We didn’t come here for a little snack or a bit of fast food.  We came here for the whole experience of who Jesus is.  Tonight we celebrate his coming to us.  Tonight we are invited to experience the whole of who God is in a little child laid in a manger.  Tonight we are invited to experience the whole of who God is in a candle light dinner of a little bread and a little wine.  Thank God some traditions won’t die.  Amen.

Advent Candle Readings (intended for a single service)

Advent Candle Readings

Note:  I’ll be using these at my Midnight Mass service for 2016.  They could be used in separate services, however, for future years.  Please feel free to edit the places of conflict mentioned under the Candle of Peace.  

 

We light this candle in hope.

Hope for salvation from apathy and hatred.

Hope for change in our hearts and minds.

Hope for holding hands instead of holding wounds.

Hope to warm us in the dark of night.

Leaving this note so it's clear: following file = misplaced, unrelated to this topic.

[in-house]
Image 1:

We light this candle for peace.

Peace for hearts shell-shocked with grief.

Peace for places like Aleppo, Mosel, and Yemen.

Peace for Police and Protester.

Peace to shine in the dark of night.

 

We light this candle for joy.

Joy for a family finding a place for the birth.

Joy for a baby born in a stable.

Joy for shepherds sharing good news.

Joy to comfort in the dark of night.

 

We light this candle in love.

Love for Emmanuel, God with us.

Love for Jesus, Savior born this night.

Love from God; Love come down.

Love to bring light in the dark of night.

 

 

 

Light this candle for Christ.

Christ, the Child who gives us Hope.

Christ, the Promised Prince of Peace.

Christ to whom the Angels sing – “Joy unspeakable!”

Christ, God’s Love.  Emmanuel.  God with us.

Jesus, Love divine that came down from heaven.

Jesus, Joy that awakens each heart this night.